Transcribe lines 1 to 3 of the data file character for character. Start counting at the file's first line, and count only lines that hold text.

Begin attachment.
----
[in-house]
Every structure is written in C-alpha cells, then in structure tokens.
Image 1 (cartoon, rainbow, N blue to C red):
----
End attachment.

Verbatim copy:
[in-house]
Every structure is written in C-alpha cells, then in structure tokens.
Image 1 (cartoon, rainbow, N blue to C red):